It is extremely unusual for a student to have their work accepted for publication in a prestigious scientific journal. However, Felix Marx, a fourth year student in the Department of Earth Sciences at the University of Bristol has just published his first paper in the Proceedings of the Royal Society, a journal of international significance. Felix studied the quality of the fossil record of whales as part of his third year project. The work was so original and revealing that he was encouraged to publish it.
The new work is part of a debate about the quality of the fossil record. For example, when rocks are exposed, lots of fossils are found, but where rock of a certain period is missing, fossils appear to be absent in the record. Palaeontologists seek to correct for this ‘rock bias’ before carrying out evolutionary studies.
Felix looked at the fossil record of whales, seals and sea cows over the past 60 million years in Europe. In order to do this, he studied geological maps of Europe covering this time and measured the relative areas of rocks of different ages. He then compared these figures with the numbers of species of each marine mammal group.
“Previously it was thought that most of the changes in the number of species could be explained by geological bias,” says Felix, “but my results show that at least some of the changes were caused by genuine reactions of these animals to changes in their biological or physical environments. This was rather unexpected.”
Professor Michael Benton, head of the programme, commented: “Students carry out a quantitative study as part of their training, but they do not normally publish the results. Felix is enthusiastic about fossil whales and other marine mammals and he did some work that has real originality.”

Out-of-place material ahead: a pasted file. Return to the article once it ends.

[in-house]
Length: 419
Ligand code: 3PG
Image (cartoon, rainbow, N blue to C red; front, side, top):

The new findings also mean that the hunt is now on to discover the environmental factors driving the evolution of marine mammal. One of the things that may help understand this was an observation made by Felix that the number of whale and seal species rose and fell almost at the same time, whereas that of sea cows seemed to follow a rather different pattern. These differences may actually reflect their rather different ecological strategies.
“Many whale and seal species are quite similar in a number of ways. They are found all around the world in both the open ocean and close to the coast, they are predators and many of them migrate. By contrast, sea cows are usually plant eaters, prefer shallower waters and are usually found in the tropics,” explains Felix.
More research is necessary to find out whether this idea is correct and, if so, exactly which environmental factors drove these three groups along their different evolutionary paths. Felix is optimistic: “It will take a while to do this, but I have some ideas”.
“The joint Geology-Biology programmes at Bristol have a strong reputation for attracting exceptional students,” says Professor Benton, “and we are keen to encourage them to excel in this way and make their mark at an international level.”
Felix’s paper, ‘Marine mammals through time - when less is more in studying palaeodiversity’ is published today (19 November) in Proceedings of the Royal Society, Series B.
Provided by University of Bristol
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